“Through proactive surveillance, LifeLabs recently identified a cyber-attack…”
LifeLabs, Canada’s largest provider of specialty laboratory testing services, has belatedly confessed to a ransomware attack in October that it admits compromised the data of up to 15 million people — nearly half of the country’s population.
The Toronto-based company, which describes itself as “Canada’s largest community lab” said it paid up to recover the data; an unusual public admission that runs the risk of exposing it to further attacks from cybercriminals intent on milking it further.
CEO Charles Brown has been widely ridiculed in the information security community for a clumsy and otherwise information-poor response to the incident, written after news of the incident leaked to the press. Ontario and British Columbia’s Privacy Commissioners said that they are undertaking a “coordinated investigation”.
Magnitude of this personal & health #privacy breach impacting 15 million Cdn patients is surreal—80% of #Ontario and #BritishColumbia’s population affected. Unknown ransom paid by #LifeLabs. Public notified mths later only via media. ON and BC Privacy Commissioners investigating. https://t.co/FtVPDMKpZO
— Kulvinder Kaur MD (@dockaurG) December 17, 2019
The attack had been reported to the two watchdogs on November 1, 2019, they wrote, saying LifeLabs had “confirmed they were the subject of an attack affecting the personal information of millions of customers… They told us that the affected systems contain information of approximately 15 million LifeLab customers, including name, address, email, customer logins and passwords, health card numbers, and lab tests.”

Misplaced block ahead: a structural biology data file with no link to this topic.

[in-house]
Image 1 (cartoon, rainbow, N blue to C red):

“LifeLabs advised our offices that cyber criminals penetrated the company’s systems, extracting data and demanding a ransom. LifeLabs retained outside cybersecurity consultants to investigate and assist with restoring the security of the data.”
LifeLabs’ CEO said the ransomware incident had been discovered through “proactive surveillance”; an unusual choice of words for an attack that typically locks files and demands a ransom in a highly visible manner across the desktops of those affected.
“We have taken several measures to protect our customer information,” he added, including “retrieving the data by making a payment. We did this in collaboration with experts familiar with cyber-attacks and negotiations with cyber criminals.”
The company has yet to answer questions on whether the highly personal data was encrypted at rest, amid a growing public outcry as the news spread on Wednesday.
“An attack of this scale is extremely troubling. I know it will be very distressing to those who may have been affected” said Brian Beamish, Ontarios Information and Privacy Commissioner, adding: “Perpetrators are becoming increasingly sophisticated.”
The attack on LifeLabs follows a June attack on fellow lab diagnostics provider Eurofins Scientific, a Luxembourg-based company that provides blood and DNA tests for the Metropolitan Police, among other customers. Eurofins employs over 45,000 staff in more than 800 laboratories across 47 countries. It conducts over 150 million tests.
That incident resulted in severe delays to ongoing prosecutions.
The surge in ransomware incidents comes as Sophos warned that a new strain of ransomware dubbed “Snatch” is bypassing Windows defender by immediately booting the computers it infects in “safe mode”, where security programmes don’t run.
“The severity of the risk posed by ransomware which runs in Safe Mode cannot be overstated”, Sophos said in a report that detailed a specific intrusion in detail.